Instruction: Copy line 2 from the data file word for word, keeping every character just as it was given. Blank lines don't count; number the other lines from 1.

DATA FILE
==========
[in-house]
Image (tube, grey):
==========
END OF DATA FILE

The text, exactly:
Image (tube, grey):